Death of a Pioneer. Robert M. Richardson, known worldwide by his amateur radio callsign W4UCH, died at age 79 in Ft Lauderdale, Florida. Richardson was instrumental in pioneering 10 GHz microwave technology, authoring "The GunnPlexer Cookbook" (1981) and participating in several Coop arranged seminars dealing with this topic in the 70s. Richardson was also the motivating force behind 'DeSug', the private co-operative effort to demystify the Microwave Associates 'Videocipher' technology circa 1986-1987. He appeared on numerous Shaun Kenny 'Boresight' TV programs of that era as a spokesman for the DeSug effort. During Sunspot Cycle 19 (1957-1960) his 50 Mc W4UCH signal was 'HUGE' worldwide.
Yet another Pioneer death. David Barker, amateur K7OMA, the originator of the TVRO image cancel mixer receiver first introduced during the San Jose (California) July 1980 SPTS, has died of a heart attack at his home in Washington state. He was survived by a son, 17, Michael. David's creative design radically altered the complexity and cost of C-band receivers; manufacturer KLM turned the design into an early best-selling TVRO receiver propelling them to become one of the top selling hardware firms. David wrote technical articles for Coop's Satellite Digest from time to time and delivered lectures at numerous SPTS/SBOC gatherings.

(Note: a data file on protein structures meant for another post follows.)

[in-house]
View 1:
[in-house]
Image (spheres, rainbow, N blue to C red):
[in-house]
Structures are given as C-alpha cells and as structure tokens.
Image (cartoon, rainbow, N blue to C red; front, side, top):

And one more. Alan Margot, W6FZA, operating a two-radio RCC from Porterville, California until a mid-life change to professional tennis coach, died at 87 in July (2010). Alan held the original post-WW2 420 MHz distance record, was a familiar call on 6 meters during cycle 19 and earned 50 Mc WAC (Worked All Continents) award #4 from ARRL. Alan's XYL, Norma, K6ZEH earned WAJD (50 Mc) #1 in 1958; the couple had retired to Palm Desert (Ca) where he was active in his favorite mode (40-50 wpm CW) until just before death. Oh yes - Alan was licensed as W6FZA in 1932 at age 9 and QST of that era claimed he was the youngest "full privilege ham" in the USA; perhaps the world (78 years an active ham - there could be 'a record' here; not that we expect QST to research the question!).
Six Meter/Magic Band WAS (worked all states)
An email 'exchange' with friend Gene Zimmerman (W3ZZ; QST 'World Above...' editor) prompts the following. During the era when QST's 'World Above' was created by Ed Tilton (W1HDQ), '50 Mc WAS Standings' were frequently printed. So who (by call letters of course; hams don't have names!) did it first (as in #1) and so on down to say number 50 (not a totally random number as it mirrors 50 megacyles and eventually the number of states)? Time to head for Coop's QST Microfiche file!